Transfer of command is defined as the process of: a. b. c. d. Abiding by institutional policies and guidelines and any applicable rules and regulations. Blending Incident Commanders from multiple responding agencies into an integrated, unified team. Abdicating jurisdictional responsibility for resources provided to another jurisdiction. Moving the responsibility for incident command from one Incident Commander to another.


Transfer of command may take place for all of the following reasons, EXCEPT: a. b. c. d. A jurisdiction or agency is legally required to take command. The incident changes in complexity. A more senior but less qualified person arrives on scene. The current Incident Commander needs to rest.


When implemented properly, Unified Command: a. b. Requires the establishment of separate Operations Sections comprised of responders from each jurisdiction or agency. Involves the development of multiple Incident Action Plans under the direction of each Incident Commander.

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ICS-100.b: Introduction to ICS Final Exam

c. d.


Enables agencies with different legal, geographic, and functional responsibilities to coordinate, plan, and interact effectively. Is managed away from the incident scene at an Emergency Operations Center or other facility.


Select the TRUE statement below. a. b. c. d. Under Unified Command, each jurisdiction or agency establishes its own incident objectives and Incident Action Plans. Under Unified Command, the most senior Incident Commander has seniority over the other Incident Commanders. Multiple Operations Section Chiefs may be assigned, with each representing his or her jurisdiction or agency. The Incident Commanders within the Unified Command make joint decisions and speak as one voice.


TRUE OR FALSE: Under a Unified Command, there are multiple Incident Commanders who work together to establish the incident objectives. a. b. True False


What type of command creates a single ICS structure with a built-in process for an effective and responsible multijurisdictional or multiagency approach? a. b. c. d. Multiple Command Area Command Unified Command Mutual Command


You are working in a complex incident. There are multiple Incident Commanders representing multiple jurisdictions working together to establish incident objectives. What type of ICS structure is being used? a. b. c. d. Area Command Mutual Command Multiple Command Unified Command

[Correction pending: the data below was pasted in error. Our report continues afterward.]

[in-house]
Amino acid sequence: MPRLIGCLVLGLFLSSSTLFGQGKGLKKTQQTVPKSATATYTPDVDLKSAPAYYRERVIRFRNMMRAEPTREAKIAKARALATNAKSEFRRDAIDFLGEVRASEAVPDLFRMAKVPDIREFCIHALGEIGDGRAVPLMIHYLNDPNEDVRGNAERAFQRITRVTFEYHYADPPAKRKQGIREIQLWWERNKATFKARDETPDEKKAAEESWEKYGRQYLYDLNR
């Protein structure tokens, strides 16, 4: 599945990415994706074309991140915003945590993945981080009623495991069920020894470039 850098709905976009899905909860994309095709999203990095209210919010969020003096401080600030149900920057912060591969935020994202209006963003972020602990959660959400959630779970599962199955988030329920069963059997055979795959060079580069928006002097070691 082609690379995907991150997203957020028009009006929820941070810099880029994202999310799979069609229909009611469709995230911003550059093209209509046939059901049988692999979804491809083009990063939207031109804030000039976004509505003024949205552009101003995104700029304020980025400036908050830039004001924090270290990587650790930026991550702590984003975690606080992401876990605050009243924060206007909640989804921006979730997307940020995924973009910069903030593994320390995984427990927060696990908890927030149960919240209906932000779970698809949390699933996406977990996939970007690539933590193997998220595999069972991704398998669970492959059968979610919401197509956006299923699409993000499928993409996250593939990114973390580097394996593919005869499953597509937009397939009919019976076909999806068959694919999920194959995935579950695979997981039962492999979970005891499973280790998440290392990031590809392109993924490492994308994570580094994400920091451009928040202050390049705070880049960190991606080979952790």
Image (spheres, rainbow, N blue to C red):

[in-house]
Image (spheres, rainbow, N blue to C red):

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ICS-100.b: Introduction to ICS Final Exam



Which of the following Sections is responsible for compensation for injury or damage to property? a. b. c. d. Operations Section Planning Section Logistics Section Finance/Administration Section


The Incident Command depends on me to make sure that all incident personnel have the supplies, equipment, and support they need. Who am I? a. b. c. d. Operations Section Chief Planning Section Chief Logistics Section Chief Finance/Administration Section Chief


Which Section is responsible for providing communication planning and resources? a. b. c. d. Finance/Administration Section Operations Section Planning Section Logistics Section


Throughout the incident and during the after-action review process, the reports that my Section develops will be very useful. Who am I? a. b. c. d. Logistics Section Chief Operations Section Chief Planning Section Chief Finance/Administration Section Chief


You are working to track the status of all resources assigned to the incident. What Section are you in? a. b. c. d. Operations Section Planning Section Logistics Section Finance/Administration Section

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ICS-100.b: Introduction to ICS Final Exam

25. Where would you go to get a map and a copy of the current Incident Action Plan? a. b. c. d. Planning Section Operations Section Logistics Section Finance/Administration Section